Friday, July 23, 2010
My love-hate relationship with Alvin…
On Monday, the Manning Branch of the South Carolina NAACP sat anxiously as they waited for Democratic Senatorial candidate Alvin Greene to make his first public remarks. The organization invited Greene to speak so its members could get to know him better.
Meanwhile African Americans all over the country secretly prayed that he would not embarrass the race too badly. After his surprising, OK let’s face it, bizarre, primary win, Greene gave the first speech of his non-campaign. After doing several awkward, bumbling and downright strange interviewswith various media outlets, the South Carolina Democratic electorate now watched their miracle candidate nervously, hoping that, at the very least, all his subjects and verbs would agree.
So, how did he do in his first campaign appearance? Alvin Greene probably did better than most people thought he would. He didn’t make any major errors, didn’t use profanity and did not show pornography to the audience. He stayed on-topic (for the most part), focusing on his three major themes of jobs, education and justice. He talked about the fact that the country lost 125,000 jobs just last month.
Next, Greene hit the criminal justice system. This is when it got a little weird.
He tells some bizarre story about “a guy” who got tangled up in the criminal justice system – we all know that when someone talks about “a guy” or “friend” he or she is probably talking about him or herself.
Anyway, this “guy” got in trouble, and although he qualified for pre-trial intervention, he was denied and the trial was delayed.
You could almost hear the crowd’s collective “WTF?”
All in all, it wasn’t the utter and complete disaster we all have come to expect when Greene opens his mouth. He nervously read his notes from a black spiral notebook, wiped his brow and did his best to sound authoritative. Senatorial even.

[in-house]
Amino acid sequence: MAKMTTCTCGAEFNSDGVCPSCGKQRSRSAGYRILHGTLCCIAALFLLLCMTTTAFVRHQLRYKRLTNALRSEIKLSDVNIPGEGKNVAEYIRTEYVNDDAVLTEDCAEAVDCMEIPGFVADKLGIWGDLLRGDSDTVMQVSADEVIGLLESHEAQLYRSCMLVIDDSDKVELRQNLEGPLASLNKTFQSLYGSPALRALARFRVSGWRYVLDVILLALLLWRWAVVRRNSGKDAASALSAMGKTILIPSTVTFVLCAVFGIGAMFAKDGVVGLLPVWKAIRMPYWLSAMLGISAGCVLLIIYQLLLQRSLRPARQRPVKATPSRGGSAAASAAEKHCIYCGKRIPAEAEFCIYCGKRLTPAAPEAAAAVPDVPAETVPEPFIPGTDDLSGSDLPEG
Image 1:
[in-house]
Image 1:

He made a little quip in the beginning about being a perfect candidate for the NAACP Image Awards, although I have a sneaky suspicion that he didn’t write that joke and didn’t seem to know what it meant. Frankly, it didn’t sound like he wrote any of it.
It sounded like a bunch of policy positions that had been cut and pasted from different websites the night before. Unfortunately, the only part that sounded genuine was that creepy part about his “friend.” The 6 – 12 minute elocutionary extravaganza ended with Greene timidly waving, looking unsure of what he was supposed to do next.
I know you’re not supposed to say this anymore, but what the hell, he looked kind of retarded. Ok, maybe not full-retard, but like whatever Forrest Gump had.
He cracked a child-like smile as he got a standing ovation before an audience of more than 400 in his hometown of Manning. Greene took no questions from the audience and hustled past a group of reporters on his way out of the building without stopping to talk.
Another onlooker, Jerry Johnson, said Greene looked much better giving his speech than he has in interviews. “I wasn’t blown away, but he didn’t do bad,” Johnson said. “Considering I didn’t know anything about him coming in, that’s not so bad.”
OK, if no one else is going to say it, I will:
He was absolutely terrible. Did the fact that he wasn’t as bad as we thought he was going be, make him less terrible? No. It was violently bad. Face it, it was awful and horrible and stinky. I will admit, though, I’m conflicted. On one hand, I want to support this brother who is a legitimate candidate (like it or not) in following his dream of becoming a senator.
Or, to many South Carolinians, is a thumb in the eye of Jim de Mint worth lowering the bar of expectations? I just don’t know. This dude is embarrassingly bad and I don’t know what we accomplish by not holding him to the standards all our leaders should be held to, like forming a cohesive thought without having to read it, but on the other hand, the Republicans have Sarah Palin….